In May, at the height of the pandemic, Dr Doug Hooper, Consultant in Palliative Medicine in the St Luke’s team at Derriford, shared how it felt to be ‘in the eye of the storm’ at the hospital, with this specialist team extending their work to support the hospital in caring for COVID-19 patients. Nearly two months on, with such admissions steadily decreasing, two of his colleagues – nurse Linzie Collins and Dr Roger Smith – explain how the experience has been for them, and how the team is adapting as it moves into this new phase.
Linzie, who joined the team in February 2019 after nursing patients at Turnchapel, said: “I think what’s been most remarkable is the way everyone – both in our team and across the wider hospital – has pulled together, supporting each other and quickly adapting to the huge amount of change that’s had to happen quickly due to the gravity of the pandemic.
“It’s been tough at times with new changes daily, sometimes even hourly, but what’s always been at the forefront of our minds is making sure we’ve all been as well equipped as possible to give our very best care to patients who are in their last weeks, days and hours of life.
“Not only did the hospital undergo a complete transformation, with many wards moved or designated as COVID-specific – and Oncology being temporarily relocated to the nearby Nuffield hospital to free up capacity – there was also the redeployment of many staff, including nurses from other specialities who were assigned to our team to help us cope with the anticipated surge in patients needing end of life care. Now that we’re seeing less people with the virus, they’ve been able to return to their usual roles.
“My work has included covering the COVID wards as well as looking after non-COVID patients, which has given me some low-level anxiety because I’m always aware of the risks involved, but it’s been so helpful that this responsibility is shared with my colleagues.
“What’s struck me is how positive and supportive everyone has been, despite the undeniable fatigue that set in coping with the crisis. We’ve all pulled together, and I especially want to thank St Luke’s Clinical Admin, who’ve continued to be a lifeline for us, handling calls and making sure things run smoothly, despite having to do all their work off-site at home.”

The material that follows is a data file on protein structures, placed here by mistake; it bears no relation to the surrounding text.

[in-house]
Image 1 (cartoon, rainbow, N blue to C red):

Linzie’s colleague Dr Roger Smith is working with St Luke’s as part of his training in palliative care.
He said: “Fortunately, Plymouth has not seen the very high number of COVID-19 cases some other cities have had, but we’ve seen a steady stream of people admitted to the hospital because of the virus, and this has been over a prolonged period. We’ve done really well as a team to manage it, thanks to excellent teamwork and the strong leadership we have, but I won’t deny it’s been challenging at times.
“Not only have we been working with the uncertainty the crisis has brought, it was difficult using the necessary PPE with FFP (filtering face-piece), which looks a bit like a gas mask and can feel hot and uncomfortable.
“Of course, there is the emotional side, too. We’ve been supporting relatives whose loved one is dying without them by their side. However, we’ve been grateful for technology such as phones and iPad screens that’s meant that at least some could maintain some sense of connection. Nonetheless, it’s been heart-breaking to see.
Looking ahead, Roger is uncertain as to what future weeks might bring, given the number of tourists and second-home owners expected in the region soon with lockdown restrictions easing.
He said: “While it is good to see a steady decline in cases, I think our popularity as a holiday destination could make us more vulnerable than some other areas, so we need to remain vigilant. We also need to be well prepared in case of a second wave of cases in the winter months, when traditionally NHS resources are already more stretched.”
Both Roger and Linzie are also concerned that currently at Nuffield they are already seeing an increased number of cancer patients who need palliative care.
Linzie said: “It seems some people are presenting later than they normally would, perhaps because they haven’t been able to access the treatment they need due to the pandemic or because of wanting to avoid what they regard as them placing ‘additional pressure’ on the NHS. We want to reiterate the NHS’s message that it’s vitally important you don’t put off seeking medical help if you’re concerned about your health, and that you don’t miss your appointments.
“The past few months have been emotionally and physically tough, but we will manage whatever lies ahead by making sure we look after ourselves and each other, including taking some much-needed annual leave to bolster our resilience.
“We’ll continue to be here for those who need us, and do whatever we can to make such a difficult time that little bit easier for them and their loved ones.”